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Revista Brasileira de Hematologia e Hemoterapia

Print version ISSN 1516-8484

Rev. Bras. Hematol. Hemoter. vol.33 no.6 São Paulo Dec. 2011

http://dx.doi.org/10.5581/1516-8484.20110114 

SCIENTIFIC COMMENTS

 

Clinical guidelines in Hematology

 

 

Wanderley Marques Bernardo

Medicine School, Universidade de São Paulo - USP, São Paulo, SP. Centro Universitário Lusíada - UNILUS, Santos, SP, Brazil

Corresponding author

 

 

Clinical guidelines are now a powerful tool in decision making in the complex process of healthcare. There is no absolute definition of its impact on the clinical outcomes and in different patient populations. Nevertheless, its role is unquestionable in the regulation and organization of the healthcare system as a whole.(1-8)

Evidence-based clinical guidelines balance the diverse interests involved during the process to ensure that patients receive an adequate standard of healthcare. Through clinical guidelines we can compare our experience with recommendations, which not only teaches us and brings our knowledge up-to-date, but also allows us to reflect on the main issue: what level of uncertainty am I accepting with my current conduct of this patient?(9-15)

The central principle of the Associação Médica Brasileira (AMB)/Conselho Federal de Medicina (CFM) Guidelines Program is to prepare the physician to answer four basic questions: a) what do I do in my clinical practice; b) for whom do I do it; c) how do I do it and d)why do I do it?(16)

The development of recommendations can be interpreted as a way to limit medical autonomy, but in fact, it is to make our actions in healthcare in Brazil transparent, clearly stating the strength of scientific evidence that supports each of these conducts by estimating the level of uncertainty involved in decision making.(17-22)

We established standards, providing conduct options focused on the patient in relation to what we do: recommendations for diagnosis, prevention, treatment and prognosis; for whom we do it: patients with indications to meet their expectations and individuality, and never forgetting the minorities; how we do it: defining the method by which to develop our detailed and explicit conduct; and why we do it: to support our decisions on the benefits, risks and harm to patients.(23-26)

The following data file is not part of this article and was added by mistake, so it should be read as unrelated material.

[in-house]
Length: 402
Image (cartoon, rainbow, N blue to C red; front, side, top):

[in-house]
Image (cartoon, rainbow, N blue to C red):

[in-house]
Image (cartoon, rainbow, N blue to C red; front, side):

The AMB-CFM Guidelines Program together with the societies of medical specialties, members of the AMB, has already prepared 500 clinical guidelines and today has about 120 in development. In addition, continuing medical education and participation in international networks that develop evidence-based guidelines is included in the Guidelines Programs.

In 2011, Brazilian hematology through its society (the Associação Brasileira de Hematologia e Hemoterapia - ABHH) started an unprecedented process of developing evidence-based protocols within the AMB-CFM Guidelines Program. The association initially chose six major hematological diseases: Sickle cell anemia, chronic myeloid leukemia, acute promyelocytic leukemia, non-promyelocytic leukemia, idiopathic thrombocytopenic purpura and multiple myeloma.

Each theme (Guideline) is composed of important clinical questions (on average 15) prepared by experts. These questions are structured using the acronym, PICO (P: patient, I: Intervention C: Comparison, O: Outcome) as a guide to search available evidence by an extensive systematic review of the literature to find evidence to support the recommendations for each clinical question. The recommendations are based on the strongest scientific evidence and aim to help hematologists make their decisions on each individual patient.(3,16,19,21)

In mid-2012, the first six issues will be completed initiating a series of feasible guidelines developed using a rigorous methodology written in a clear and objective language. Without doubt, participants at all levels of the healthcare system will benefit, but mostly these benefits will be reflected in the care provided to hematology patients in Brazil.

We recognize the difficulties of obtaining and critically analyzing the evidence, the pressure of interest that are not always directed to the care of patients and the difficulties of the National Health System in relation to its structure, diversity and inequality. But we also know the effort and determination of many, who, through the guidelines, will establish a discerning, flexible, ethical, and reflective language, based on evidence that meets the basic needs and expectations of patients.(2,21,22)

 

References

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Corresponding author:
Wanderley Marques Bernardo
Rua São Carlos do Pinhal, 324 01333-903 - São Paulo, SP, Brazil
wmbernardo@usp.br

Submitted: 10/27/2011
Accepted: 10/28/2011
Conflict-of-interest disclosure: The author declares no competing financial interest

 

 

www.rbhh.org or www.scielo.br/rbhh